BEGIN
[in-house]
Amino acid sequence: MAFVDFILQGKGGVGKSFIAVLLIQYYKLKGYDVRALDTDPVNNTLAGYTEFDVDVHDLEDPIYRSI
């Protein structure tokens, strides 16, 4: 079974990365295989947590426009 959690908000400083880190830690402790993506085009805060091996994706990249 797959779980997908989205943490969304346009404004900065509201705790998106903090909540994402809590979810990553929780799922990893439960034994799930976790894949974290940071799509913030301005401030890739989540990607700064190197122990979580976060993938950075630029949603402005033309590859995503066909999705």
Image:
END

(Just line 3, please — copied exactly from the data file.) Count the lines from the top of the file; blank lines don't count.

């Protein structure tokens, strides 16, 4: 079974990365295989947590426009 959690908000400083880190830690402790993506085009805060091996994706990249 797959779980997908989205943490969304346009404004900065509201705790998106903090909540994402809590979810990553929780799922990893439960034994799930976790894949974290940071799509913030301005401030890739989540990607700064190197122990979580976060993938950075630029949603402005033309590859995503066909999705």